Wednesday, April 27, 2016

NHND in the Mountains update

Front now has it's two porches, exterior trim and casing is beginning to be installed

I went to the Catskills to check on the progress of the New House Next Door to the Mountains that is currently under construction and here is an update. (There are previous blog posts on this project that you can look at, too)

View from front porch/ front door looking south
The exterior isn't much changed since winter, but inside all rough HVAC, plumbing and electrical work is complete and spray foam insulation has been installed. Next step will be installing the wall board. Here are some photos. You can really appreciate the spectacular mountain vista from the front windows, which you could not in the previously posted over-cast winter photos.

View looking out South Windows in sitting area off Kitchen
 With the walls appearing to have more of a solid surface because of the trimmed spray-foam cavity insulation, you can see the shape of the interesting interior spaces created by the dormers, knee walls, and angled roof lines. You can also see the number of windows and the light and views they let inside.

Vaulted ceiling in Nantucket Dormer

My favorite space is the fun, open loft space over the living room and at the top of the stairs. With its wide, high, full-of-windows Nantucket dormer, it feels really unique and I like the way it allows the upstairs and downstairs rooms to connect with only a guard rail as separation. That seems to create a family connected-ness that I think makes sense for a house designed for extended family weekend gatherings.

Vaulted Ceiling in Nantucket Dormer- Partial view
Loft that Overlooks Double-Height Living Room (no guard rail yet- Akk!)
Second Floor Bedroom w/ Angled Ceilings and Dormers
Standing in Living Room looking toward front (south) showing loft above


Wednesday, April 6, 2016


Us with our solar panels
I went to the Tivoli "Solarize Northern Dutchess" workshop over the weekend and got re-energized on just how cool solar is.

We have a grid-tied solar generation system (PV or "photovoltaic") that was installed in January 2009. We don't use a huge amount of electricity (we use high-efficiency propane systems for hot water and base-line heat and, and a clean-burning wood stove for the majority of our heating needs) so we didn't need an enormous system. In the field behind the house and garden two masts with 8 panels each were installed to generate about 80% of our electricity annually. We did a freestanding system, as opposed to a roof-mount, as our house is surrounded by old shade trees; and the masts allow us to manually tilt the panels 4 times a year to optimize the angle to the sun and increase their production by about 20%.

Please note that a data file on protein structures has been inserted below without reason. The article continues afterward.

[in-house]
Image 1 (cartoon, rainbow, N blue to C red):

Tilting the panels for different seasons
 Before I attended the Solarize event, I brushed up on my numbers. (which I'll admit, we don't really think about much after the excitement of watching the meter spin backwards wears off and we get used to the lower bills) Once a PV system is installed, it is there doing it's magnificent job of making electricity from sunlight without any moving parts or maintenance required. But I checked the inverter in the basement that counts all the electricity the system makes, and I made some calculations.

Since it was turned on, our system has produced about 33,700 KWH. At the current rate of 13c / KW delivered, that means it has saved us $4300! To be up-front, the system cost us more than that (even with all the fantastic incentives, rebates and tax credits available at the time) but that's thousands of kilowatts of energy that didn't need to be produced by a fossil fuel burning or nuclear plant, and I think that's great. And, in a few more years we will have broken even - and then for the many, many more years the system is active, we will actually be making money!

Even taking in the life-cycle costs of manufacturing and the eventual disposal of the panels and frames, solar is a very environmentally friendly product/system. Point of source power generation (making electricity at our house, to use at our house) is much more efficient than transmitting power over long distances, where much of the power generated at the plant is lost along the transmission lines. Using the sun for electricity generation makes no carbon emissions.

On the longer days of summer, we generate more power than we use, selling it back to the grid so our neighbors can use it. We buy power from the grid at night. It has a nice rhythm of give and take to it. Being grid-tied, solar becomes a community action- which is what was exciting for me about the Solarize event. If you can, I highly suggest you get solar panels.